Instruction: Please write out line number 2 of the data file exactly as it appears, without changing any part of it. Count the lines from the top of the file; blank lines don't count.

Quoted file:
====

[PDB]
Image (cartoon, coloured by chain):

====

Image (cartoon, coloured by chain):